OSHA has also revised the two additional sections of the crane standard that address operator training and competency. However, OSHA still requires that operators re-certify every 5 years and that accrediting bodies have a re-certifying component to their program that allows for operators to be tested to ensure that they have retained safety knowledge and they are up to speed with the latest regulatory and technical developments. The certification issuing entity (like NCCER) must be accredited by a nationally recognized accrediting agency (such as ANSI or ASME) so as to be sure that industry-recognized criteria for written testing materials, practical examinations, test administration, grading, facilities/equipment, and personnel have been met. By meeting such protocol and upon completing a successful audit, Iowa Association of Municipal Utilities was certified as an Accredited Assessment Center through NCCER.
Another change in the final rule of the crane standard is the clarification of the employer’s obligation to evaluate the competency of the operator and their ability to work safely. Just as an employee’s driver’s license does not guarantee the employee’s ability to drive all vehicles safely in all conditions of the employee’s workplace, certification does not ensure that the crane operator has sufficient knowledge and skill to operate all cranes and other lifting equipment safely. The employer evaluation of a crane operator’s ability, experience and competency is a fundamental part of workplace safety. This evaluation part of the rule goes into effect on February 7, 2019 and states that employers must conduct an evaluation of each operator to ensure that they are qualified by a demonstration of the skills and knowledge necessary to operate the equipment safely and the ability to recognize and avert risks associated with that operation. The evaluation must also include the operator’s ability to perform the hoisting activities required for the work that they are assigned, including blind lifts, personnel hoisting and multiple lifts.
Skills and knowledge, as addressed by OSHA, include those types of safety devices, operational aids and software the crane is equipped with. The evaluation must also take into account the size and configuration of the crane as the manufacturer has designed it to function; including lifting capacity, boom length and radius, attachments and counterweight configuration. The evaluation must be documented and must include the printed names and signatures of the operator and the evaluator, the date of the evaluation and the make, model and configuration of the crane used in the evaluation. Re-evaluations are required whenever you provide retraining to an operator but should only focus on the areas which the retraining covered. You must retrain an operator whenever you believe it’s necessary based on an operator’s performance or an evaluation of the operator’s knowledge.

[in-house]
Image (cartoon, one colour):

OSHA’s final rule now clarifies restrictions for operators-in-training. Those employees must be provided with sufficient training, through a combination of formal and practical instruction, to ensure that they develop the skills, knowledge, and ability to recognize and avert risk necessary to operate the equipment safely for assigned work. These employees may operate cranes but they must be continuously monitored by their trainer. There are, however, restrictions on the duties in which operators-in-training who are not yet certified are not allowed to operate cranes:
(1) If any part of the crane, load line, or load (including rigging and lifting accessories), if operated up to the crane’s maximum working radius in the work zone could get within 20 feet of a power line that is up to 350 kV, or within 50 feet of a power line that is over 350 kV.
(2) Hoisting personnel.
(3) Multi-crane lifts.
(4) Over a shaft, cofferdam, or in a tank farm.
(5) Multiple-lift rigging operations (unless the operator’s trainer determines that the operator-in-training’s skills are sufficient).
The final rule, with the exception of the evaluation and documentation requirements, will become effective on Dec. 9, 2018. The evaluation and documentation requirements will become effective on February 7, 2019.
IAMU has two mobile crane operator examination and certification classes during the weeks of January 7th and February 11th, 2019. Go to this LINK to register for either class.